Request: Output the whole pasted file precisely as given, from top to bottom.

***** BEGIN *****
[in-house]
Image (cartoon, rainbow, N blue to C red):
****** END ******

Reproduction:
[in-house]
Image (cartoon, rainbow, N blue to C red):